#an example of a function’s scope being automatically handled

def query_logic(table, b):
return table.where("X > b").update("B = b + 9")

t1 = query_logic(source, 1)
t2 = query_logic(source, 2)

The C++ Client API now supports Streaming Table updates

The C++ client API has long supported receiving static tables and snapshots, as well as sending dynamic data from the client to the server. Much of Deephaven’s special sauce, however, relates to real-time analytics and applications, and users will often want to feed these derived, dynamic data to the client.

The client API now supports such patterns. Deephaven’s subscription model allows client code to maintain a local replica of a server-side table. Having a client-side replica enables fast local access to the data and allows for custom calculations to be performed, e.g., by third-party C++ libraries. The replica is kept up to date in real time by our efficient update protocol as the table undergoes arbitrary mutations (adds, removes, modifies). Furthermore a novel versioning technique allows client code to work on a consistent snapshot of the table, even while further updates are concurrently arriving.

These are powerful capabilities. Two of our developers introduce the pertinent concepts in a three-part video series. Here are the first and second installments. (The final episode will drop soon.) Reference documentation and examples are also on their way.

General improvements

  • Server-side java app-mode applications are now configurable using Java’s ServiceLoader.

  • Snapshot performance for large tables was meaningfully improved. Messages are now broken into smaller pieces based on the client’s request or appropriate heuristics, allowing for pipelining of snapshot transmission. This is relevant both for worker-to-worker communications, client application workflows.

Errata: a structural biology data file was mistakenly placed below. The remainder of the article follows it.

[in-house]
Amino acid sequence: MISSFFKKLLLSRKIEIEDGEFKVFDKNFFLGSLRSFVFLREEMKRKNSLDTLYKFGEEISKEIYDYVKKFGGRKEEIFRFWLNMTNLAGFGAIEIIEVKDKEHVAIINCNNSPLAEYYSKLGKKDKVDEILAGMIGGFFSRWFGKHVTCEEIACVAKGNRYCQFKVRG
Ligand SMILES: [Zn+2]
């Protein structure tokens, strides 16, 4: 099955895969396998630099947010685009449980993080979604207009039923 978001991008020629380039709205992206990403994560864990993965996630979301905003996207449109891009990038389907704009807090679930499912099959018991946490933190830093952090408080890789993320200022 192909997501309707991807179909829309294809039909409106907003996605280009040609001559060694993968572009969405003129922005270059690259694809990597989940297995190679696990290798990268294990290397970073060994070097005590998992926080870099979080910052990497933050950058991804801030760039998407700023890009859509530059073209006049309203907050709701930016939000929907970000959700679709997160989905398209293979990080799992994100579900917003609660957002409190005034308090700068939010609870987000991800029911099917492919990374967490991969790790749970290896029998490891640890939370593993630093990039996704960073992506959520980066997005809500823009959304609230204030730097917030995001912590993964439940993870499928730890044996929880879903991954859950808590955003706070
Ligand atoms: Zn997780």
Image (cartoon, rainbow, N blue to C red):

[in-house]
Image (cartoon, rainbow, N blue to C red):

• The engine is now using a different strategy for row set construction in partition_by() and group_by, thereby greatly improving performance for large cardinality aggregations.

Behind-the-scenes work to support soon-to-arrive tools

  • An integration of Deephaven's gRPC API's session management with the Arrow Flight's Authorization specification. This is an important predecessor to authentication and authorization interfaces that are on their way.

  • Encoding stats are now being properly written with their corresponding data. This is fundamental to support predicate pushdown, which will soon be ported to deephaven-core. That is an important capability for efficiently interacting with Parquet (for example) to source narrowly filtered data.

Current priorities

Contributors are focusing current efforts on:

  • support of roll-ups and tree tables and other aggregation views that employ partitioned tables.
  • further window-related use cases to extend update_by().
  • authentication and authorization hooks.
  • research related to data persistence and cloud deployment.

Further communication

As usual, we itemized changes in the docs since the last release in a blog piece, and we welcome your engagement on Deephaven’s Slack or its GitHub Discussions.